6/10 stars

Similar to: The Hangover Pt II, 30 Minutes or Less, Rat Race

The Internship (2013)

23 May

I kinda didn’t like this movie. Vince Vaughn, who must have been paid a fortune from Google (the entire thing is really one big PR piece), wrote the screenplay which is way too formulaic and unoriginal. The film’s cameos (Will Ferrell, John Goodman, BJ Novak, Josh Gad and Rob Riggle all make appearances) are desperate and awkward, and do little to move the story along. While still a better comedy than their recent solo works, (does anyone even still remember The Watch or Hall Pass?) The Internship feels flat, repetitive and unneeded.

4/10 stars

Similar to: Accepted, The School of Rock, Cheaper By The Dozen



Upstream Color (2013)

17 May

Upstream Color isn’t simply a film which you go and see, but rather a film which one experiences.  And it was easily the most surreal, disturbing, emotional and provocative film experience I have had all year.  Shane Carruth, the mastermind behind the mind-melting 2004 Sundance hit Primer, wrote and directed this film, and he brings the same sense of mystery, ambiguity and cinematic exploration.

The film starts with a montage of sorts, displaying several boys collecting some sort of earthworms. We then skip around from a woman named Kris, a man named Jeff, a farmhouse with pigs, and a mysterious old man who enjoys recording different sounds.  We know something connects these characters, but we don’t really know what or how.  Upstream Color is a film that asks the audience questions that have no solid answers, thereby forcing us to come up with our own.
It’s also a film which tells its story through a visual language rather than a spoken one, following in the footsteps of films like The Tree of Life or 2001: A Space Odyssey.  Even if what we are seeing is senseless and bizarre, the cinematography is always beautiful, and the sounds and music of the film add to its unique and enchanting appeal. It is a real challenging film, both intellectually and emotionally, but never a dull one.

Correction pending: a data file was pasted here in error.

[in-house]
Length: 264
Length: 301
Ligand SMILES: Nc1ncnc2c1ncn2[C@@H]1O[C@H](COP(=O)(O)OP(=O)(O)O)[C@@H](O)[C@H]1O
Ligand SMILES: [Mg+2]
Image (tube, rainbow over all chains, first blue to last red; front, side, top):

If you are someone who needs things explained and a concrete resolution to arrive by the time the credits roll  – this film will bore you to tears.  But if you want something different and can accept critical thinking, mystery, and open endings as an essential part of cinema, then I highly recommend Upstream Color.   I loved it.

9/10 stars

Similar to: The Tree of Life, 2001: A Space Odyssey, Antichrist 

The Great Gatsby (2013)

8 May

As the much anticipated adaptation of F. Scott Fitzgerald’s novel, The Great Gatsby is cool and fun to look at. DiCaprio is solid and charismatic, and fills the shoes of the timeless character Gatsby. Joel Edgerton and Carey Mulligan are also great and stand-out as some of the film’s highlights. With such a wonderful cast and a big-budget production, the movie had potential to be a modern touch on an epic period drama, following in the footsteps of films like An Education, A Single Man and O Brother Where Art Thou.

Unfortunately though, among all the glitz and shininess, the spirit and emotion of the novel become lost thanks to needless visuals (the 3D was overkill), a lengthy 150-minute running time and a soundtrack from Jay-Z and Lana del Rey.

In other words, what could have been a classic American film adaptation of a beloved novel gets dumbed down specifically for the YOLO generation, and ends up feeling and looking more like a music video that plays on repeat for way too long.

5/10 stars

similar to: Australia, Anna Karenina, Marie Antoinette